Endosymbiosis - A Tale of Two Relationships
This past weekend, I had the privilege of attending the AAAS Annual Meeting in Boston, Massachusetts. While there, I attended a symposium entitled, “How Symbiosis, Horizontal Gene Transfer, and Evolution Call for an Extended Synthesis”. The point that this title attempts to communicate is this: We’re all familiar with what the endosymbiotic theory tells us about the origin of mitochondria and chloroplasts…
WOAH. Hold on – are we? The endosymbiotic theory was originally put forth by a Russian botanist who was familiar with previous observations that plant chloroplasts resembled free-living cyanobacteria. According to the theory, which is still viewed with skepticism by some, certain cellular organelles (mitochondria and chloroplasts) originated as free-living bacteria that were then engulfed by larger cells. The two organisms then begin to exist in symbiosis – the living together of unlike organisms.
Of course, the human-centered definition of this phenomenon conjures images of oxpeckers and elephants, or parasites that only take from the host, of words like benefits, cost, and free-loading.
Let’s redefine endosymbiosis, shall we? To mean the acquisition of one by another, and the subsequent long-term assimilation of the two, such that new structures and metabolisms emerge, creating, in essence, a new organism. We are all, in fact, composites on non-self – of human genes, and acquired bacterial genes.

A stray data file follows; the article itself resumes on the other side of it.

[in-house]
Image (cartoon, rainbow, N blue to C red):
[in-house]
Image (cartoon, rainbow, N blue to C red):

Great, now that we’ve cleared that up, I will continue where I left off…
We’re all familiar with what the endosymbiotic theory tells us about the origin of mitochondria and chloroplasts, but horizontal gene transfer studies have demonstrated that the lines we’ve drawn between biological individuals may be incorrect. This has consequences for how we define the units of evolution, how we draw the tree of life, and how we conceptualize evolution.
The symposium argued for a new method of “carving up nature”, defined by our understanding of interactions between unrelated organisms.
This being an unfamiliar topic to me, I wondered, what could these interactions be? There are some that are familiar. Termites eat wood, but cannot digest the cellulose without the help of protozoans living in their gut. The stomach of a cow also contains microbes that do the same.
Looking into this, I discover two bizarre relationships that I thought might interest you all:
Besides masquerading as an underwater leaf, this algae-sucking sea slug uses a horn-like structure to puncture filamentous photosynthetic algae and take in their chloroplasts, which then remain function beneath the skin for almost a year! The slug survives on the sugars produced by the stolen photosynthetic organelles!
How do the organelles continue to produce sugars without the algal genome, you ask? Researchers are finding that many of the algal genes have integrated into the slug’s genome, essentially defining a brand new, solar-powered slug!
Salamanders do it too! The spotted salamander prefers single-celled freshwater algae, but it too commandeers the algae’s photosynthetic products. The algae appears to be digested inside the cells of adult salamanders, but researchers at Dalhousie University in Halifax, Canada were able to amplify algal RNA from adult reproductive tracts, which suggests that the benefits of the endosymbiotic relationship may be passed on to the next generation.
So what are these? Do these relationships represent entirely new organisms that require us to draw another branch on our tree of life?
Either way, it’s bizarre, right? How long do you think it’ll take humans to evolve the ability to injest algae and become solar-powered?
1. S.K. Pierce et al., “Transcriptomic evidence for the expression of horizontally transferred algal nuclear genes in the photosynthetic sea slug, Elysia chlorotica,” Mol Biol Evol, 29:1545-56, 2012.
2. R. Kerney et al., “Intracellular invasion of green algae in a salamander host,” PNAS, 108:6497-502, 2011.